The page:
Deadly shooting at Maryland newspaper
The suspect’s fingerprints appear to have been altered, making it difficult to identify him that way, two law enforcement sources said.
The suspect was identified using facial recognition software, according to one law enforcement source.
Maryland Gov. Larry Hogan just released a statement about today's shooting at the Capital Gazette in Annapolis, Maryland.
"We are terribly saddened by the loss of five members of our community in today's heinous shooting," Hogan said.
He thanked first responders who arrived at the scene within moments of the shooting.
Hogan also spoke about the newspaper and the journalists who work there.
"The Capital Gazette is my hometown paper, and I have the greatest respect for the fine journalists, and all the men and women, who work there," he said. "They serve each day to shine light on the world around us so that we might see with more clarity and greater understanding."
“There is no place in our society for this kind of hatred and violence, and the individual responsible for this horrendous crime must be prosecuted to the fullest extent of the law.”
An employee on lockdown in a nearby building during a shooting at the Capital Gazette in Annapolis, Maryland, described the frantic moments that unfolded at the scene.
Daria McMiller, who works as an administrative assistant in a building next to the Capital Gazette building, said responding officers “were hustling."
“Some of them were still in civilian clothes and they were pulling their vests on as they ran towards the building," she said.
McMiller said she and her coworkers didn’t hear any shots, but they did hear police yelling. They saw police, FBI, state troopers and SWAT respond to the scene. She said they weren’t getting any information, but were able to call their loved ones as they waited.
McMiller, a US Marine who is no longer active duty, said her first thoughts were “just to keep my coworkers safe, keep everybody inside and quiet.
"I didn’t even think about how stressful this was until we were all sitting around," she said.
Right now we don't know if this newsroom was targeted or not, but we know that four of the five people who died were pronounced dead in the newspaper office. The fifth person died at the hospital.
Threats against journalists have been on the rise in recent years. Press freedom groups have also reported an uptick in physical assaults on journalists, particularly at campaign events and other political venues.
But, thankfully, murders of journalists are very rare. That's one of the reasons why this day is so shocking. In some ways, it harkens back to the WDBJ shooting in Virginia in 2015, when two members of a TV news crew were attacked and killed by an ex-employee while on live TV.
In the wake of that attack, and the general rise in threats, many newsrooms have stepped up emergency drills and taken other measures to increase security. But newsrooms are inherently open and journalists strive to be accessible. Some sick person exploited that openness today.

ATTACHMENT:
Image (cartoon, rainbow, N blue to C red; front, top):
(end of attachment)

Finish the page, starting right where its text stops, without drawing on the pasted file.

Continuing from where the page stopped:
Two people injured in the shooting at the Capital Gazette were transported with minor injuries to Anne Arundel Medical Center in Annapolis, Maryland, hospital spokesperson Loren Farquahr said.
The victims did not suffer gunshot wounds, and one was released from the hospital, Farquahr said. The other patient is expected to be released this evening.
A third person from the Capital Gazette shooting was transported to the University of Maryland Medical Center in Baltimore, Maryland, hospital spokesperson Lisa Clough said. There is no further information on the victim's condition or injuries.
Police found the suspect in today's shooting hiding under a desk in the building, said Steve Schuh, Anne Arundel county executive.
The suspect's weapon was on the ground, and "not in his immediate proximity," he said.
He told CNN’s Wolf Blitzer that authorities have a name on the gunman but are not able to confirm it.
Schuh said he doesn't know if the newspaper was the target of today's shooting.
When law enforcement officials entered the building, they found a package or carrying device, which contained a flammable liquid, on the ground, he said.
Schuh said the shooting doesn't appear to be well-planned.
"It looks like it was amateur hour. But even amateurs can cause a lot of damage in the absence of excellence response by law enforcement. We fortunately had that in this instance," he said.
Rep. Steny Hoyer, the No. 2 Democrat in the House and longtime congressman from Maryland, said he is "heartbroken" following today's shooting.
"I have known the hardworking staff of the Capital Gazette for many years, and I extend my deepest condolences to the dedicated editors, reporters, and staff," he said in a statement.
Read the full statement:
Former Congresswoman Gabrielle Giffords, who founded the gun violence prevention organization Giffords after she was badly wounded in a 2011 mass shooting outside an Arizona grocery store, just released a statement reacting to the newspaper shooting.
“Reporters shouldn't have to hide from gunfire while doing their jobs. A summer intern in the newsroom shouldn’t have to tweet for help. We shouldn’t have to live in a country where our lawmakers refuse to take any action to address this uniquely American crisis that’s causing so much horror and heartbreak on what feels like a daily basis," she said.
She added, “This is not normal. Since the year began, there’ve been 179 days and already 154 mass shootings. Every day, more than 90 people are killed by a gun, from classrooms to newsrooms and neighborhoods across the country. We are facing a problem and we have to do something about it."
Police have one person, who is believed to be the suspected shooter, in custody. Officials have not identified him, but said he is an adult male.
Speaking at a news conference, officials also said the weapon used in today's shooting was a long gun. They did not provide any further details.